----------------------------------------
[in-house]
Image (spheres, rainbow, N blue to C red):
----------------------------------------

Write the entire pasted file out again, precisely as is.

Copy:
[in-house]
Image (spheres, rainbow, N blue to C red):